A customer-first approach to M&A success
People are the heart of every business, and when it comes to M&A, tackling the human side of things can make all the difference between continued profits and potentially massive losses. Learn how Deloitte Digital helped Verizon Media successfully integrate two sales teams by putting their people first.
Mergers and acquisitions (M&A) have been an integral business strategy since, well, business began. Today, however—especially amidst an economy heavily impacted by a global pandemic—successful M&A takes more than just money. From data privacy and management to leadership changes to customer and employee retention, the bar continues to rise for the level of care that companies must take when tackling the typically thorny issues associated with the M&A process.
As one of the largest transformations that any organization might go through, M&A is generally not structured with the customer in mind—yet this is one of the biggest areas of impact. Against an uncertain economic backdrop, taking a customer-first approach to the M&A process can mean the difference between resiliency and potentially massive loss.
As a market leader in M&A and Salesforce transformations, Deloitte Digital has learned that successful organizational migration takes a thoughtful, coordinated approach. To help companies avoid M&A process pitfalls, we’ve teamed up with Salesforce on How to Integrate Two Sales Teams: A Mergers & Acquisitions Playbook, in which we share guidance from James Commons—who leads the Sales Technology and Operations team at Verizon Media, a company connecting 800 million people worldwide and generating $8 billion in revenue.
In this co-authored playbook, James boils down his experience successfully merging enterprise sales teams at AOL and Yahoo! into considerations every leader should bear in mind when transforming their business—with practical tips along the way.
Establish your goals
Joining two companies often means two sales teams—and potentially overlapping target clients. So, how do you sort that out while assuring that all existing agreements are met? In the case of AOL and Yahoo!, James’ team established three goals: prevent revenue breakage, create a seamless experience, and reduce operating costs. How you establish and achieve your goals will differ based on your unique business—but no matter what, your customer should be in the center of your activities.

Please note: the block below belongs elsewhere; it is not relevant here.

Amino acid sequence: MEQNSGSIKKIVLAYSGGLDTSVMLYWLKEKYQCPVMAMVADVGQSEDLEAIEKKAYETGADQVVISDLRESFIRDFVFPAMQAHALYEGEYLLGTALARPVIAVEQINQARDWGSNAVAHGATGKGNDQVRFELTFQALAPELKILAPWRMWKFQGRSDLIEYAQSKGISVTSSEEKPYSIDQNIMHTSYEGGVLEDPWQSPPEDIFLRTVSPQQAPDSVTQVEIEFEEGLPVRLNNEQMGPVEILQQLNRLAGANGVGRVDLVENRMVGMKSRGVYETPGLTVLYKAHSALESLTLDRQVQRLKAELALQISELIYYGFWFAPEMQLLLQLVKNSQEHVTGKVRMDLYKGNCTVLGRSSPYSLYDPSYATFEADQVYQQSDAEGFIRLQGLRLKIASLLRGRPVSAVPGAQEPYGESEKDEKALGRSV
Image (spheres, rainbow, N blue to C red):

Think about: Employee CRM access, selling processes, technology tools, and the back office.
Prioritize the human experience
People are the most important resource in any acquisition, but also one of the most challenging to manage. And the last thing you want is for them to leave. James and his team worked with Deloitte Digital to provide organizational clarity and identify a leadership team. “Uncertainty kills revenue,” said James. “If people don’t know which team they’re going to be reporting to, or which accounts they’re going to be assigned, they have no incentive….”
Think about: Finding ways to drive revenue, providing reassurance to customers, areas to innovate, and planning out your new leadership team.
Integrate into one tech stack
With your goals and leaders in place, it’s time to focus on technology. For James’ team, that meant merging into a single Salesforce instance. Working with Deloitte Digital, that effort involved three key steps: determining data architecture, focusing on account structure, and simplifying and standardizing processes.
Think about: Approaches for data cleanup, strategic consolidation, daily workflows, and removing silos to ensure data consistency for customers.
Verizon Media successfully merged AOL and Yahoo! because of a relentless focus on people, focusing on high sales productivity and customer loyalty. With the know-how from Deloitte Digital, plus technology from Salesforce, the team was able to get everything done effectively.
No matter the economic circumstances, business mergers and acquisitions will always bring with them a myriad of challenges. Yet, when you get into the nuts and bolts of what each sales team wants, you may find—like James’ team—more similarities than differences! Taking a customer-first approach can help teams focus, getting the right people and governance in place for a smoother transition.
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